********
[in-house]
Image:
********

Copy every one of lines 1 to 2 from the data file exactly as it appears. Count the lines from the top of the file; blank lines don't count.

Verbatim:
[in-house]
Image: